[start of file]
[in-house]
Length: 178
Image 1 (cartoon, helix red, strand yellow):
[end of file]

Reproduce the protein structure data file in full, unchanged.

[in-house]
Length: 178
Image 1 (cartoon, helix red, strand yellow):